The UK’s Royal Navy realized some time ago that it didn’t really need them, and now has only one light carrier, HMS Illustrious, and one helicopter carrier, HMS Ocean – although two new supercarriers are under construction.

  • Glenn Contrarian

    Doc –

    Even before I retired back in ’01, it was already costing $1B/year to operate each carrier – and we’ve got eleven of them. It’s not only the carriers – it’s the entire logistical chain that supports the ship and the aircraft. And then there’s the never-ending parade not only of thousands of sailors who sail them every day, but of the hundreds of civilians who maintain them when in port…and fully half the time they are in port (which is a lot less expensive than being at sea).

    What the carriers offer the president is quick flexibility in responses, for their capabilities go beyond combat…and they’re not unsinkable, but they’re the toughest ships ever built.

    That said, there’s not much that carriers can do that a much less-expensive combination of a helo carrier and cruise-ship-armed destroyers can’t do. But the military-industrial complex is so powerful that I don’t think our government is capable of getting rid of them until someone shows us just how obsolete they are, just as Japan showed us how obsolete our battleship fleet was at Pearl Harbor.

  • http://www.squidoo.com/lensmasters/IanMayfield Dr Dreadful

    I don’t know about Pearl Harbor so much having demonstrated the obsoleteness of battleships as it demonstrated the value of a carrier fleet, especially in the vast Pacific Ocean, at a time when most warplanes had a range of only a couple of hundred miles.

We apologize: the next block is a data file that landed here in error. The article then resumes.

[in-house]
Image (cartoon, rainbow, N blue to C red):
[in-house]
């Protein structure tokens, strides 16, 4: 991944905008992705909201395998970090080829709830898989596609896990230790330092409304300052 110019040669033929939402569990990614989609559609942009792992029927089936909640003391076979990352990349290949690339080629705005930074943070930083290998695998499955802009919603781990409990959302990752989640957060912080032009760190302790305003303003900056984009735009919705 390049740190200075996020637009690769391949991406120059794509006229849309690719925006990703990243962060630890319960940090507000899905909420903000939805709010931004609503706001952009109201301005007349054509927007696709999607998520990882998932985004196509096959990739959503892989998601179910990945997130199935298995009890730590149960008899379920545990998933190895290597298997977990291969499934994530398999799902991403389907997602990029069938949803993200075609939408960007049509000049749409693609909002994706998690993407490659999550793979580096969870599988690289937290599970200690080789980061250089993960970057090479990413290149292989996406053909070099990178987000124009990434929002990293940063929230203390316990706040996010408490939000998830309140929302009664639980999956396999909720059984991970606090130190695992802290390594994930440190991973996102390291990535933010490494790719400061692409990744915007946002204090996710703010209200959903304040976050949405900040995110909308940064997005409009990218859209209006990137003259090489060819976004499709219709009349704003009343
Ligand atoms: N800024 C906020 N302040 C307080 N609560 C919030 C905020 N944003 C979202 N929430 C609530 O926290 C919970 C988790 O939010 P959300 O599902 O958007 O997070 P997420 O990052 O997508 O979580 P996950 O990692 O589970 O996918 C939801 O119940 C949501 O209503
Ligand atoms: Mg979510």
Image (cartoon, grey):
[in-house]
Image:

The Japanese Navy continued to use – and rely heavily on – its powerful battleship fleet until what turned out to be its spectacular irrelevance at Midway, which was the battle that truly demonstrated the huge advantage of the carrier and sounded the death knell for the era of the battleship.

  • Glenn Contrarian

    Doc –

    It’s the same story through all the centuries of any organized navy – heck, any organized military force – that a new technology, a new strategy, a new kind of unit or style of organization will force the old into obsolescence, but there will still be the ‘old guard’ that will stand by the old ways until utter defeat in combat shows them their errors.

    It was true at Trafalgar, where Nelson’s smaller fleet proved the value of drill and training over sheer numbers and firepower.

    It was true in the time of Napoleon, who rejected the very ideal of steam-driven ships: “You would make a ship sail against the winds and currents by lighting a bon-fire under her deck? I have no time for such nonsense.”
    – Napoleon, on Robert Fulton’s Steamship

    It was the same with every navy in WWII (including the Japanese), for the battleship captains were in every case senior to the upstart officers who supported the idea of a carrier fleet and rejected the notion that those little planes could actually sink heavily-armed and -armored capital ships. The Japanese – as with several other naval technologies such as the torpedo – were actually quite further progressed than were the other navies of the world when it came to defeating the battleship paradigm. That didn’t mean they’d get rid of the battleships right away – but they were more open to the possibilities presented by new technologies than were the other navies.

    And so it goes with the carriers of today. Their only defense against supersonic cruise missiles are surface-to-air missiles and the ‘CIWS’ system (a glorified automated Gatling gun first developed by the Soviets), both of which are over 30 years old, and neither of which has ever been tested in real combat.